U.S. Unlikely to Avoid a Recession If Inflation Remains High | Eastern North Carolina Now

    Publisher's Note: This post appears here courtesy of the John Locke Foundation. The author of this post is Brittany Raymer.

    Recession seems rather inevitable for the country, especially given the continually high inflation rate-but don't tell the Biden administration. It seems like far too many of the so-called experts are content with giving the best outlook possible, even when all available data tells a different story.

    This week, the latest Consumer Price Index (CPI) report climbed to 6.4 percent, which is down only slightly from December's 6.5 percent. That's nearly a full percentage point up from where it was in January 2022, at 5.6 percent. That number might not sound quite as scary as the 9.1 percent the CPI reached in the summer of 2022, but it's also far higher than the 1.4 percent it was when President Joe Biden first took office.

    As Jeanna Smialke of The New York Times explains: "And prices continued to increase rapidly on a monthly basis as a broad array of goods and services, including apparel, groceries, hotel rooms and rent, became more expensive. That was true even after stripping out volatile food and fuel costs.

    "Taken as a whole, the data underlined that while the Federal Reserve has been receiving positive news that inflation is no longer accelerating relentlessly, it could be a long and bumpy road back to the 2 percent annual price gains that used to be normal. Prices for everyday purchases are still climbing at a pace that risks chipping away at economic security for many households."

    The numbers are discouraging, but it seems like some the Biden administration hasn't been taking the cost and impact of inflation seriously for months.

    In his State of the Union address, the President said, "We have more to do, but here at home, inflation is coming down. Here at home, gas prices are down $1.50 a gallon since their peak. Food inflation is coming down. Inflation has fallen every month for the last six months while take home pay has gone up."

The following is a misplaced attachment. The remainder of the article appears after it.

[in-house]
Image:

It seems like pride went before the fall.

    When it comes to nearly all consumable products, prices are up. Whether that's at the grocery store, gas station or saving up for that family vacation, everything is more expensive. This is hurting families, and the situation will either stay the same or continue to deteriorate.

    But, as White House Council of Economic Advisors Cecilia Rouse said in a recent CNBC op-ed: "These are extraordinary times for America's economy. Recent data suggest that our labor market remains strong even as inflationary pressures are showing signs of easing."

    What CPI report did she read? There's a huge difference between the Jan. 2021 inflation rate of 1.4 percent and Jan. 2023 inflation rate of 6.4 percent. Though inflation is down from its June 2022 peak of 9.1 percent, the last time inflation was at a "normal" level was in 2021, in the initial months of Biden's presidency.

    The employment data is still strong, but that doesn't mean that the country is out of the woods yet when it comes to a recession.

    Some may believe that the country can accurately execute the "soft-landing" that has been much discussed or avoid a recession all together, but that's doubtful. At the World Economic Forum, two-thirds of those chief economists surveyed believed that there would be a global recession in 2023.

    Pacific Investment Management Company is also still predicting a recession, with its North American economist arguing, "Recent data on net haven't caused us to change our outlook for a mild U.S. recession - we're only pushing the timing back a little bit."

    Morgan Stanley even recently posted an article telling its customers "5 Ways to Protect Your Finances in a Recession."

    Recession is a grave concern for most families, especially after dealing with two years of growing inflation. The numbers on employment may still be promising, but the rest decisively is not.
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